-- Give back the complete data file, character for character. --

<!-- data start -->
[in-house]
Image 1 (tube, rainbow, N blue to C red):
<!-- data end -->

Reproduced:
[in-house]
Image 1 (tube, rainbow, N blue to C red):